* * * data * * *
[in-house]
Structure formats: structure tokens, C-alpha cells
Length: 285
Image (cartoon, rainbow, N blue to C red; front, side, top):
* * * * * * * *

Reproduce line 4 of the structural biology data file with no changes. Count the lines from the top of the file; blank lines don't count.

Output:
Image (cartoon, rainbow, N blue to C red; front, side, top):